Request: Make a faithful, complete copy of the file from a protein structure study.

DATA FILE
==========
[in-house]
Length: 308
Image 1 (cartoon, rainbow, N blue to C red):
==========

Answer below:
[in-house]
Length: 308
Image 1 (cartoon, rainbow, N blue to C red):